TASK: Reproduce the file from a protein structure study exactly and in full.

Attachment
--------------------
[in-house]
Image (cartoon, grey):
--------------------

[in-house]
Image (cartoon, grey):